Oct 23, 2015 09:20 AM EDT
The MPAA had ordered to shut down a Netflix competitor, Browser Popcorn. It is a free stand alone application in the web for pirated movies and TV shows. At this point, it was revived as Popcorn Time.
Motion Picture Association of America had sent a cease and desist order to a 15-year-old Milan Kragujevic. According to a report from The Verge, Kragujevic is the owner of Browser Popcorn, a website for free streaming of pirated films and TV shows.
After a couple of days since it was launched online last week, the website has been temporarily shut down. The MPAA had been tracing his domain registrar and hosting provider which made him switch the website to other domains. The MPAA had ordered him to shut down the website within 24 hours.
MPAA holds six Hollywood studios which owned the copyright to movies available at the film piracy site.
"Browser Popcorn has been taken down by the E.V.I.L. money-grabbing shitlords of America, The Motion Picture Association of Murica [sic]," as indicated on the website.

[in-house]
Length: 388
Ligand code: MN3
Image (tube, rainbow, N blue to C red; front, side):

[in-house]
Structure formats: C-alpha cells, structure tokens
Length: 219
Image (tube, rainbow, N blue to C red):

Kragujevic will still keep the website alive. He said he lives in a country where copyright law is nonexistent. He confirmed, "I will keep moving the website, changing domains and providers."
He could also open its source code for developers to revive it some other time.
Then again, in an email conversation, Kragujevic said he had passed it on to a 35-year-old 'close friend'. He claimed he would not be accountable 'when things become dire'.
Meanwhile, a news from The Sydney Morning Herald said Kragujevic had moved the service from browserpopcorn.gq to browserpopcorn.biz. Another comment said it is currently running on popcorntime.io.
Kragujevic has been working out the project with other piracy-related application for years. He's been coding since he was 11. He's also involved in the app called MovBucket and currently working with its smart TV version.
Clearly, the chase is on for the film piracy site. It is rumored that the programmer transferred the domain registrar to a host in Bulgaria in which shutdown requests are often ignored.
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